Gold as a Defensive Asset
Treesdale Partners, portfolio manager of the AdvisorShares Gartman Gold/Euro ETF (GEUR), AdvisorShares Gartman Gold/British Pound ETF (GGBP), AdvisorShares Gartman Gold/Yen ETF (GYEN) and AdvisorShares International Gold ETF (GLDE), share their thoughts about the gold space.
In our previous commentary “Gold and the US dollar – a love hate relationship” we used a normalized time series of the price of gold expressed in US dollars and an index representative of the value of the US dollar on currency markets to show the inherent relationship between the price of gold and the financing currency. As the financing currency strengthens on currency markets, one would expect the price of gold expressed in that currency to fall. We used the gold price in dollar terms as an example. As would be expected when the dollar falls, the price of gold in dollar terms would tend to rise. This result should not be surprising- when a currency is weak, an asset priced in that currency should increase in value, relative to that currency.
In this week’s commentary, we explore this relationship further focusing on historical events where there was a flight to quality, evidenced by a surge in demand for high quality US dollar assets (typically US government treasury bills). These will serve to highlight one of the potential risks of owning gold priced in dollars as a defensive asset. While gold priced in dollars does indeed show characteristics as a safe haven asset, financing gold purchases using only US dollars can, under certain market conditions, detract from gold’s performance during these stress periods. The reason is self-evident and related to our initial discussion about the relationship between gold and the financing currency used.
During periods of stress, the dollar has historically strengthened in value on currency markets as investors sold non-dollar assets for dollar-assets to hold as a defensive move against market declines. In fact in recent history, absent a viable alternative, the US dollar has been the defensive currency of choice and typically strengthened in value versus other currencies including gold as investors bid up its value in their search for financial safety. This arguably remains the case today for a number of reasons in particular i) the strong regulatory regime in the US, (ii) high liquidity and (iii) the size and diversity of US financial markets unrivalled anywhere else in the world. And following the logic of our initial discussion as the dollar strengthens, the price of assets financed in dollars, including gold, will tend to fall in value relative to the dollar.
An investor that buys gold financed in US dollars is expressing a strong directional view on both gold and the dollar – in market speak they are long gold, short USD. And it is this explicit short position on the dollar that creates the potential vulnerability for gold during periods of high market stress, as the dollar strengthens. As we have discussed in previous commentaries a viable strategy for investors to reduce dollar exposure is to diversify the financing currency used to make gold purchases across two or more currencies i.e. follow a “diversified gold” strategy. In effect this would reduce exposure to the dollar and thereby reduce the risks to holding gold from a surge in the value of the dollar.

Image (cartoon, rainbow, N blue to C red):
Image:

We caution that history does not always repeat and the perceived defensive premium of the dollar will vary over time but we illustrate the potential benefits of this approach below by comparing the relative performance of gold priced in dollars versus gold priced with an equally weighted basket of dollars, euro, yen and pounds, over four recent periods of market stress. In each case the outperformance of the diversified gold strategy was driven by its smaller, short dollar weighting and hence it’s reduced exposure to a strengthening dollar. Ultimately for investors that do not have a strong view on the dollar we believe that such a diversified gold strategy represents an efficient approach to gold investing that may also offer the benefit to investors of lower drawdowns during periods of high risk aversion.5/1/2012-8/31/2012
Soaring bond yields in the European periphery to record highs underscored wide spread pessimism amongst investors over the prospects for the survival of the European Union. The period saw steep falls in the S&P 500 as well as a broad strengthening in the dollar versus most currencies especially against the euro.
Continued stalemate in Congress over the debt ceiling negotiations and the ensuing S&P downgrade of US debt both combined to unnerve investors resulting in a so-called “risk-off” environment, a sharp decline in the S&P 500 and a sharply rising dollar. The European Union was the focus of concern as the debt crisis intensified amid sharp differences from European governments over the appropriate policy response.
The revelation of the true extent of the Greek government’s indebtedness caused a large flight of capital out of the European Union in the US as investors reevaluated the risks of a breakdown in the common currency.
The failure of the first Troubled Asset Relief Program (TARP) vote in Congress and the Lehman bankruptcy in September 2008 triggered a sharp 40% decline in the S&P and a dramatic flight to quality as investors sought the safety of US government treasury bills.